President (Dr.) William Ruto’s inaugural State of the Nation Address to parliament is scheduled for Thursday, November 9, 2023, amid an economic crisis.
Ruto is set to present the address to a combined session of the bicameral Parliament, including both the National Assembly and the Senate, in the afternoon.
Former President Uhuru Kenyatta delivered the most recent State of the Nation address on November 30, 2021.
The State of the Nation Address, as mandated by Article 132 (1) of the Constitution, requires the President to speak at a special parliamentary session annually and may do so at any other time.
This year’s address follows the ongoing bipartisan discussions between the ruling coalition Kenya Kwanza and the Azimio la Umoja One Kenya Coalition, officially supported by both Houses. Over the past months, the 10-member dialogue team has been focusing on a five-point agenda, addressing constitutional issues, electoral justice, financial integration into the Constitution, establishment and consolidation of State offices, and adherence to political parties/coalitions and multiparty democracy laws.
Another significant update that the President may address is the National Security Council’s request to Parliament for approval to send Kenyan police officers on a UN-supported security mission to Haiti in the Caribbean. Communications presented in both the National Assembly and the Senate by their Speakers indicate that the relevant security committees will review the proposed deployment and present a report to the Houses for further deliberation.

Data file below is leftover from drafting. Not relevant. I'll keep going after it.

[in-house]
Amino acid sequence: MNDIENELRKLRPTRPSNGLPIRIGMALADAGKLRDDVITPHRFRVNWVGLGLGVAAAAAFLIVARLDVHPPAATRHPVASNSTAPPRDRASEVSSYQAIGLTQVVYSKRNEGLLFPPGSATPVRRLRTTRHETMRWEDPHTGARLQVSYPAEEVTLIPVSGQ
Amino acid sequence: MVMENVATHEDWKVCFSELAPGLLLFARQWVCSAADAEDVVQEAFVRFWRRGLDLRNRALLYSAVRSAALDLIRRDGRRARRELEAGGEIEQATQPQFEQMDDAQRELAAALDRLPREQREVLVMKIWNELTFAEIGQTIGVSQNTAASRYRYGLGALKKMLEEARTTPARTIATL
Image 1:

The President is expected to discuss educational changes implemented during his term, such as the hiring of instructors and a shift in university funding. Ruto is also expected to address healthcare reforms, with a particular focus on Universal Health Care.
Senator Edwin Sifuna of Nairobi has declared his decision not to attend President William Ruto’s State of the Nation Address.
The address coincides with Kenyan populace expressing concerns about the escalating cost of living under the Kenya Kwanza administration. The government has previously conveyed its approach to addressing the cost of living.
Kenyans anticipate the President addressing the soaring cost of living and potentially providing optimism regarding the reduction of prices, including basic commodities and fuel.
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Households are grappling with reduced disposable income due to a significant increase in the tax burden. The Ruto administration has justified its new taxes, although they have exacerbated the cost of living crisis and posed challenges for businesses, particularly small traders.